Let’s me start with the world-famous cliche that “I’m an active listener” of the show. I like it. It’s better than most of what is out there, and it used to be even better. In general I’m a fan.
The Dunning-Kruger curve is the idea that initially, when you start a subject, you know nothing. As you learn more about it, your confidence grows. Your confidence about the knowledge of the subject grows almost at the same angle as a rocket-ship to the moon. Such is the growth in confidence (not knowledge), that you become even more confident about your understanding of the subject than experts themselves. But the whole thing is a mirage. You actually don’t know anything. It is only until you realize this, that your knowledge of the subject actually increases. At which point you realize how little you actually know and your confidence takes a hit. Eventually, if you stick it out, your knowledge of the subject continues to grow and your confidence on your knowledge and on the subjects comes back, but never at 100%. Why does it never come back to 100%? Because now, you know better. Now you realize that you cannot know everything.
What does this have to do with the JRE show and why does it matter? It matters because in the initial phase of the Dunning-Kruger, your high confidence vs low-knowledge state can cause problems, specially if you have a large audience of listeners (as the JRE podcast does). The problem, it turns out, is in the inadvertent staging and promotion of ideas of which you have little knowledge about (though high confidence) and thus you end up spreading fallacies and falsehoods.
In the show, there have been many examples. The most recent and the one which caused me to write this was the one with Ted Nugent. In that episode Joe is joined by Ted Nugent who is at the ends of the Dunning-Kruger spectrum for various subjects. He seemed to be very knowledgeable about hunting, but knew very little about immigration and its history. Everyone seems to be an expert in immigration right up to the point where their family immigrated to the US (legally or otherwise). In the case of Nugent, his knowledge came down to the Ellis Island of the 1900s. Nugent forgot about the lack of any immigration laws prior to that and/or how his ancestors may not have been the best and brightest we may have wanted. In this subject, Joe offered no reproach, though he did ask Nugent how comfortable he felt about hearing kids screaming for their mothers, something that Nugent said he’d rather not have happened, only to quickly revert back to the mantra of “we have to keep our borders secure” without a followup from Joe.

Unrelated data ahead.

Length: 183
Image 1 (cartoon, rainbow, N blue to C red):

Another subject was that of the President, someone that Nugent seems to admire and Joe has in the past expressed disagreements with. In this subject, Nugent was left to praise the “accomplishments” of the President, of which there were few to bring forth, and Joe again didn’t speak up about the lack of substance.
It was only in the subject of weed, a subject in which Joe seems to be an expert in the Dunning-Kruger scale, that he was able to argue with Nugent on the subtleties of the practice and how smoking weed does not automatically make someone a pot-head, delinquent, or looser. Nor does it automatically turn someone into a user of another controlled substance. It was in this subject that Joe appeared to slightly influence Nugent on his prejudices, though as the conversations shifted from domestic policy to drugs, to immigration, etc, Nugent seemed to throw pokes at Joe’s smoking habits with very little resistance from him.
So that is the point? Do I have a suggestion? Is there a fix? Yes, I do. My suggestion would be for Joe to better weigh the possibility of his show becoming a platform for subjects of which he has very little knowledge about. As the potential to spread lies and deceit to such a large audience, is something that whether he likes it or not, he must be responsible for. As such, perhaps, there are certain guests he declines. Perhaps for certain shows, he invites a counter guest. Perhaps, after certain shows, he has a follow-up show where he can better express his views and/or the views of his guests.
Finally, Joe must be careful in not falling pray to that ever alluring sense of thinking you know something. Remember, if you think you know it, you probably do not.